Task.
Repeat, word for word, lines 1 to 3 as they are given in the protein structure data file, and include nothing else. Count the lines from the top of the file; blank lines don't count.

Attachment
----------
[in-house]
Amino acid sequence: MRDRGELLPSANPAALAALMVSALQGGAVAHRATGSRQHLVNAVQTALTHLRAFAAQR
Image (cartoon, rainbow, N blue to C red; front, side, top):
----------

[in-house]
Amino acid sequence: MRDRGELLPSANPAALAALMVSALQGGAVAHRATGSRQHLVNAVQTALTHLRAFAAQR
Image (cartoon, rainbow, N blue to C red; front, side, top):